Unknown Speaker 4:26
in going back to June the seventh thinking 64, the British colonists free reporting on the Salzburg Island status on the male steamer was making fairly regular runs to the Soviets Bay and settlers was successfully growing tobacco and there are over 500 cattle on the island. So it is assumed that quite like the copies of the British colonists were got through to the centers here and they read sometimes they read something about the on in those papers. There is also the New Westminster times and the the Photostat of the September 1924 1859. Copy there. And it comments on the letter received from Jonathan bank, a big spill. That's Fernwood settlement. And he, of course, he was a great booster. He was at a chamber of commerce man well before his time, and he was even that's only a month or two months after he got here. And he's written several wonderful place we have here. So those are the early papers that as they say, they weren't published here. And the but we they were read here, and quite likely, some had some people that some of the early settlers had subscriptions to the papers. And Sue will now lead on with other publications for on Saltspring.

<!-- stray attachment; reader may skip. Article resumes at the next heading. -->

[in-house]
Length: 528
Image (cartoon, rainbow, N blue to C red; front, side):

Unknown Speaker 5:54